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Do you remember that time when you used to take long, hot showers, you washed your hair regularly and had uninterrupted time to straighten it? Wait… let’s start over. Remember when you used to brush your hair? I know Moms don’t get much “me-time” anymore, but when you do get that rare moment, I suggest changing out of your bathrobe and slipping into your wedding dress once again. You don’t even need to brush your hair or take off your slippers, just lounge in your dress. Close your eyes, take a deep breath, and reminisce back to a time when people were waiting on you (yes, YOU!), doing your hair, your make-up, holding your veil, giving you sips of Perrier, touching up your lipstick.

And… end scene. Nap time is abruptly over.

waking up Waking up in your wedding dress is another great option over the typical sweats and baggy T-shirt.

IMG_3870Thus concludes the Wedding Dress Housewife photos for the time being. Thanks to my good friend Lori for being the photographer, and for her creative genius. We are collaborating on more photo locations and wedding dress appearances. If you have ideas or requests, send them my way!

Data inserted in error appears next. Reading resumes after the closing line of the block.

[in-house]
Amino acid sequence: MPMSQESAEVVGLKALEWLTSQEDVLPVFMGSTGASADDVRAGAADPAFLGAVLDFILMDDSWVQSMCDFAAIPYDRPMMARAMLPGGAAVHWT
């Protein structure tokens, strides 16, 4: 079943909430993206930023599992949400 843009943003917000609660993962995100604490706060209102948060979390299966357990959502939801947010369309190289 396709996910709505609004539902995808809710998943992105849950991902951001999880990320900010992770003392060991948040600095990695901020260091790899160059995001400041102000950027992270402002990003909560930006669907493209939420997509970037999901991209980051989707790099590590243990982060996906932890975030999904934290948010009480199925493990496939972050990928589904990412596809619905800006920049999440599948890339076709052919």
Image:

The Wedding Dress Housewife Chronicles: Doggone Doggies

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Dearest Sutter,
How I love thee and loathe thee and love thee some more.
You silly, anxious, snuggly, crazy, playful, barking doggie.
Our chocolate-eating, squirrel-chasing, stink-bomb evacuating lab.
How your hair sheds and floats around, ending up in the most peculiar places
(like our dinner plates).
How you dance in speedy circles after depositing your “gifts” in our back yard.
Oh, how you bark and jump when we have a dance party in the kitchen.
How you cock your head, and plead for more, more, more.
Oh, loyal, sweet-loving pup.
Our second child.
Our Sutter Butter.

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The Wedding Dress Housewife Chronicles: Diaper Duty

baby 4

Nothing says “fancy” quite like a dirty number in your babe’s diaper. So, why not get dolled up for the occasion? Color coordinate with your babe’s ivory Pampers, champagne-colored Seventh Generation, or snow white Huggies. I assure you, it will make this task seem all the more charming.

P.S. I apologize for the delay in this series. Note to self. Never start something right before the holidays.

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The Wedding Dress Housewife Chronicles: Yard Work

 

Wedding Dress Housewife!
Night and day it’s Wedding Dress Housewife
Make the bed, change the diapers
Wash the dishes, do the laundry

And the yard work and the mowing
They always keep her hopping

She goes around in circles
Till she’s very, very dizzy
Still they holler
Keep a-busy Wedding Dress Housewife!